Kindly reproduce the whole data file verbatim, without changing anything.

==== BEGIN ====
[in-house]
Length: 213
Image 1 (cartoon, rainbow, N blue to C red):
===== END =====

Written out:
[in-house]
Length: 213
Image 1 (cartoon, rainbow, N blue to C red):